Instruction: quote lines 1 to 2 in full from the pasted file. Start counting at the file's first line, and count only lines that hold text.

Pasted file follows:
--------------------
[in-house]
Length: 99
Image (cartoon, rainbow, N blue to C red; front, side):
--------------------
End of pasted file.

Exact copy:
[in-house]
Length: 99